• Estate and Gift Tax – The 2012 estate and gift tax rate is 35 percent with an exemption of $5.12 million. This will revert back to $1 million in 2013 as the maximum tax rate reverts back to 55 percent. Also, the portability rule allowing an individual’s estate or spouse to make the election on a timely filed federal estate tax return to utilize the “deceased spouse’s unused exclusion” amount (DSUE Amount) is set to expire.  If made, the surviving spouse’s unused estate and gift tax exemption amount available for gifting before the 12-31-12 expiration date, could be in excess of $10,000,000.  Therefore, individuals with significant assets should consider taking advantage of the higher gift and generation-skipping exclusions now.
  • 2012 Annual Gift Tax Exclusion – The annual exclusion for gifts free of any gift tax is $13,000 this year ($14,000 beginning in 2013) (married couples can gift up to $26,000) to each individual. Married donors can gift up to $26,000 in 2012 ($28,000 in 2013) per donee.
  • Year End Donations – When gifting to charitable organizations consider gifting securities that have appreciated. As long as you have held the securities more than a year, you take a deduction for their market value.

Business Planning

Business tax planning, like individual tax planning, will become just as difficult to plan for in the coming years because of the expiring tax incentives. The tips and changes we believe will be the most significant to our clients are listed below.

  • 2012 Section 179 Expense – Typically, for business property with a useful life of more than one year, the cost must be depreciated (deducted ratably over several tax years).  IRC Section 179 allows the business to fully expense the cost of eligible-tangible personal property in the year purchased.  The maximum amount in 2012 that may be expensed is $139,000 with a $560,000 investment ceiling placed on the purchase of all otherwise qualifying expenses.  In 2013, both the Section 179 expense and investment ceiling are scheduled to drop to $25,000 and $200,000, respectively.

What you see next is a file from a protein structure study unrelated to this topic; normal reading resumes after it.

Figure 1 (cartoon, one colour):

• Bonus Depreciation – Fifty percent first year bonus depreciation is allowed for the cost of new qualified property with a recovery period of 20 years or less placed in service (i.e., ready for use and not merely purchased) in 2012, but will expire at year end. Businesses should take advantage of these favorable expensing rules now while they are still available.
  • Dividends – Closely-held C Corporations may want to declare and distribute special dividends this year so shareholders may take advantage of the lower expiring tax rates and to avoid the 3.8 percent Medicare tax on investment income.

Additional Items to Note

  • IRS “Phishing” Scams – As was noted in last year’s letter, the IRS continues to battle cons taking advantage of taxpayers. They stress that the IRS does not solicit taxpayer information via e-mail and that any emails received from the “IRS” requesting personal information should be deleted immediately.
  • Audits – Taxpayer audits continue to be a problem for individual taxpayers. As the Federal government continues to struggle financially, the automatic notices for audits and penalties are sent out at a staggering rate. Please let us know if you receive any notice from the IRS as we are prepared to help you if you have any issues.

 As always, we encourage you to feel free to contact us with any concerns or questions you may have about your taxes.

HAPPY HOLIDAYS!

HOFFMAN & ASSOCIATES, ATTORNEYS-AT-LAW, L.L.C.

In accordance with IRS Circular 230, this article is not to be considered a “covered opinion” or other written tax advice and should not be relied upon for IRS audit, tax dispute, or any other purpose.  The information contained herein is provided “as is” for general guidance on matters of interest only.  Hoffman & Associates, Attorneys-at-Law, LLC is not herein engaged in rendering legal, accounting, tax, or other professional advice and services.  Before making any decision or taking any action, you should consult a competent professional advisor.

Procrastination: What Are The Consequences?

Currently, there are approximately 70% of Americans without a Will.  Without this basic estate planning document, your loved ones may pay the highest possible taxes upon your death, lose some of the assets you have earned during your lifetime, and will have to handle a much more complex administration of your estate.

By way of example, consider these famous deaths: Elvis Presley died suddenly at the age of 42 with an estate worth an estimated $10 million.  Of that amount, his daughter only received $3 million, as the other 70% was spent on estate taxes, administration costs and legal fees.  With a proper estate plan, Elvis’ daughter certainly would have received more than a mere third of her father’s wealth.

Famous for their chewing gum, the Wrigley family is another great example of a missed opportunity.  Both of William Wrigley’s parents died in 1977.  Their death gave Mr. Wrigley controlling interest in the Wrigley company, but it also left a significant estate tax burden due to the IRS.  The Wrigley’s had to sell their 80% stake in the Chicago Cubs for $20.5 million in 1981 to satisfy this debt.